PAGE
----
Liu is a political philosopher who first angered the Chinese government in 1989, when he was involved in orchestrating peaceful pro-democracy demonstrations in Tiananmen Square that ended with a military crackdown.
Decades later, Liu co-wrote Charter 08, a petition calling for multi-party democracy in China. He has spent much of his life in and out of prison, often living under house arrest.
Within the small community of people who are familiar with Liu Xiaobo's work, not everyone is comfortable with the idea that the Nobel was given to a single Chinese activist.
Many support Liu Xiaobo's efforts to promote human rights on a philosophical level, but believe others who have sacrificed their freedom and sometimes their lives also deserve recognition.
In one of the last vestiges of collective living, Beijing's coal plants pump heat to city apartments on a strict schedule, from November 15 to March 15, every year. Since the 1950s, the schedule has rarely changed, even if temperatures plummet before the appointed day.
After enduring record heat-waves this summer, with the mercury soaring to its highest mark in 60 years, and thick pollution in the fall (which the government blamed on "fog"), Beijingers are now suffering through the early onset of bitter cold. China's state-run media reported October 18 as the city's coldest autumn day since 1986, with temperatures peaking at 48 degrees and then dropping to 44.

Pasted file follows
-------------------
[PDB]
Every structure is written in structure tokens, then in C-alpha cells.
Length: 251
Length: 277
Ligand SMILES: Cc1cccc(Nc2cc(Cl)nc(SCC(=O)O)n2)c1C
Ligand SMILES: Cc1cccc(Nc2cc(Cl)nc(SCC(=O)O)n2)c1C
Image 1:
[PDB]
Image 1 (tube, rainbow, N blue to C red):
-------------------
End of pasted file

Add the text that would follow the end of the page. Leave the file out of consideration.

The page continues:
Many residents of the capital city are counting down the days to November 15 hunched over their computer keyboards, commiserating about the frigid weather and lack of government-provided relief.
"I can't function in Beijing's October without a hot-water bottle and an electric blanket," complains one Chinese internet user. Others employ greater creativity to stay toasty.
"I highly recommend doing slow-motion exercises while surfing the internet in order to stay warm," suggests one energetic web chatter. Most local apartments don't have thermostats, so residents have no idea whether it's warmer inside than outside. Many use electric space heaters and turn their air conditioners to the "warm" setting to thaw their icy homes. Continue »
Striking autoworkers in southern China demanding better pay and job benefits? Just a few weeks ago, that's not something you would have seen in the media headlines here.
Since foreign companies began flooding into China in the 1980s, low-wage laborers have formed the backbone of the country's flourishing economy. Few other countries could offer an almost endless supply of relatively well-educated, healthy young laborers who would toil for long shifts without complaint.
The only legal labor unions in China are sanctioned by the Chinese government, which has ample reason to keep work disputes to a minimum.
That could be changing. About 1,900 workers at a Honda manufacturing plant in southern China's Guangdong province successfully negotiated a pay raise after walking off the job for more than ten days. The company had reportedly been hiring trainees to work for less than the Chinese minimum wage of $920 a month.
Nearby, employees at Foxconn, a major manufacturer of Apple products, Nokia phones and Dell computers, are gaining an average 20% raise after a spate of suicides captured international attention. The Chinese media also reported a one-day work stoppage at an auto parts plant outside Beijing that supplies Hyundai.
China has long been hailed as the "world's factory" but, until now, few have asked what goes on behind the factory's closed doors. In the case of Foxconn, labor activists have complained about conditions there for years, but the world's media ignored the problem until young workers began to kill themselves at an alarming rate.